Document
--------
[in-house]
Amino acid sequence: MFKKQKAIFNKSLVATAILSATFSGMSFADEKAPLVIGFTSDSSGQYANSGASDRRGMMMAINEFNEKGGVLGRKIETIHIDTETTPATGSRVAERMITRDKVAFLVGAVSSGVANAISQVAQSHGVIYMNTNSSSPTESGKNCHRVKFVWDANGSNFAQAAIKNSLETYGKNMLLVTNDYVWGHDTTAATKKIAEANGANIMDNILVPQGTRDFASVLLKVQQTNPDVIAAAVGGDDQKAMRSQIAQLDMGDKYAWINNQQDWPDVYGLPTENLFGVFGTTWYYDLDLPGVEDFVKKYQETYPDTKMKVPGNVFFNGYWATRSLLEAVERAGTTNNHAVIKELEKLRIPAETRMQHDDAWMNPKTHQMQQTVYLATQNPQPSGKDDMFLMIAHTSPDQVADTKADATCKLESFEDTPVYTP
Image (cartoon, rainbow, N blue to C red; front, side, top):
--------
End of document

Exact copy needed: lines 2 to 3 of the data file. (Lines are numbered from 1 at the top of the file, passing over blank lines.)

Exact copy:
Amino acid sequence: MFKKQKAIFNKSLVATAILSATFSGMSFADEKAPLVIGFTSDSSGQYANSGASDRRGMMMAINEFNEKGGVLGRKIETIHIDTETTPATGSRVAERMITRDKVAFLVGAVSSGVANAISQVAQSHGVIYMNTNSSSPTESGKNCHRVKFVWDANGSNFAQAAIKNSLETYGKNMLLVTNDYVWGHDTTAATKKIAEANGANIMDNILVPQGTRDFASVLLKVQQTNPDVIAAAVGGDDQKAMRSQIAQLDMGDKYAWINNQQDWPDVYGLPTENLFGVFGTTWYYDLDLPGVEDFVKKYQETYPDTKMKVPGNVFFNGYWATRSLLEAVERAGTTNNHAVIKELEKLRIPAETRMQHDDAWMNPKTHQMQQTVYLATQNPQPSGKDDMFLMIAHTSPDQVADTKADATCKLESFEDTPVYTP
Image (cartoon, rainbow, N blue to C red; front, side, top):